Government schemes that compensate workers for
the loss of income while they are on short hours (known as short-time work
compensation schemes) make it easier for employers to temporarily reduce
hours worked so that labor is better matched to output requirements. Because
the employers do not lay off these staff, the schemes help to maintain
permanent employment levels during recessions. However, they can create
inefficiency in the labor market, and might limit labor market access for
freelancers and those looking to work part-time.
Reducing youth unemployment and generating more
and better youth employment opportunities are key policy challenges
worldwide. Active labor market programs for disadvantaged youth may be an
effective tool in such cases, but the results have often been disappointing
in Organisation for Economic Co-operation and Development (OECD) countries.
The key to a successful youth intervention program is comprehensiveness,
comprising multiple targeted components, including job-search assistance,
counseling, training, and placement services. Such programs can be
expensive, however, which underscores the need to focus on education policy
and earlier interventions in the education system.
Long-term unemployment can lead to skill
attrition and have detrimental effects on future employment prospects,
particularly following periods of economic crises when employment growth is
slow and cannot accommodate high levels of unemployment. Addressing this
problem requires the use of active labor market policies targeted at the
unemployed. In this context, hiring subsidies can provide temporary
incentives for firms to hire unemployed workers and, when sensibly targeted,
are a very cost-effective and efficient means of reducing unemployment,
during both periods of economic stability and recovery.
The trend towards labor market flexibility in
Europe has typically involved introducing legislation that makes it easier
for firms to issue temporary contracts with low firing costs, while not
changing the level of protection that is in place for permanent jobs. This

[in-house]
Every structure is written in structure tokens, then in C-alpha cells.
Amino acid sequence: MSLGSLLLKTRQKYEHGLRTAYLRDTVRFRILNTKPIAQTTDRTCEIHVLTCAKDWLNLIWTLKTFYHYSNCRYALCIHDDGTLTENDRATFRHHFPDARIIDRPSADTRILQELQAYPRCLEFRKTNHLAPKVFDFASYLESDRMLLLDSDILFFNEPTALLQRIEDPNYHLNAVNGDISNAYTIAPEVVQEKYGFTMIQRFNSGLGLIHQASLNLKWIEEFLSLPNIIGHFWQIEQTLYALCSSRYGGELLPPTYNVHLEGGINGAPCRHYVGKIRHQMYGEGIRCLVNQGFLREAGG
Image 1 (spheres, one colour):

has created a strong “dualism” in some European labor markets, which might
affect turnover, wage setting, and human capital accumulation. In view of
this, some economists propose replacing the existing system of temporary and
permanent contracts by a single open-ended contract for new hires, with
severance pay smoothly increasing with tenure on the job.
Population aging in many developed countries has
motivated some governments to provide wage subsidies to employers for hiring
or retaining older workers. The subsidies are intended to compensate for the
gap between the pay and productivity of older workers, which may discourage
their hiring. A number of empirical studies have investigated how wage
subsidies influence employers’ hiring and employment decisions and whether
the subsidies are likely to be efficient. To which groups subsidies should
be targeted and how the wage subsidy programs interact with incentives for
early retirement are open questions.
A considerable share of the labor force consists
of underemployed part-time workers: employed workers who, for various
reasons, are unable to work as much as they would like to. Offering
unemployment benefits to part-time unemployed workers is controversial. On
the one hand, such benefits can strengthen incentives to take a part-time
job rather than remain fully unemployed, thus raising the probability of
obtaining at least some employment. On the other hand, these benefits weaken
incentives for part-time workers to look for full-time employment. It is
also difficult to distinguish people who work part-time by choice from those
who do so involuntarily.
High risk of poverty and low employment rates
are widespread among low-skilled groups, especially in the case of some
household compositions (e.g. single mothers). “Making-work-pay” policies
have been advocated for and implemented to address these issues. They
alleviate the above-mentioned problems without providing a disincentive to
work. However, do they deliver on their promises? If they do reduce poverty
and enhance employment, can we further determine their effects on indicators
of well-being, such as mental health and life satisfaction, or on the
acquisition of human capital?
Unemployment not only causes material hardship but can also
affect an individual’s sense of identity (i.e. their perception of belonging to a specific
social group) and, consequently, feelings of personal happiness and subjective well-being.
Labor market policies designed to help the unemployed may not overcome their misery: wage
subsidies can be stigmatizing, workfare may not provide the intended incentives, and
flexicurity (a system that combines a flexible labor market with active policy measures), may
increase uncertainty. Policies aimed at bringing people back to work should thus take the
subjective well-being of the affected persons more into consideration.